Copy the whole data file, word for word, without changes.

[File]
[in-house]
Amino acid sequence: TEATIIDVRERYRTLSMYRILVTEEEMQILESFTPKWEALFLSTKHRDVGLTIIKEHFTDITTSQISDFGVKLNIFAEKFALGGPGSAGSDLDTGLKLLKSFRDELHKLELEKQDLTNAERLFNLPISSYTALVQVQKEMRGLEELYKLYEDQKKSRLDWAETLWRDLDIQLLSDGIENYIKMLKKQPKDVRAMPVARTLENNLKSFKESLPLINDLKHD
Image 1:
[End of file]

[in-house]
Amino acid sequence: TEATIIDVRERYRTLSMYRILVTEEEMQILESFTPKWEALFLSTKHRDVGLTIIKEHFTDITTSQISDFGVKLNIFAEKFALGGPGSAGSDLDTGLKLLKSFRDELHKLELEKQDLTNAERLFNLPISSYTALVQVQKEMRGLEELYKLYEDQKKSRLDWAETLWRDLDIQLLSDGIENYIKMLKKQPKDVRAMPVARTLENNLKSFKESLPLINDLKHD
Image 1: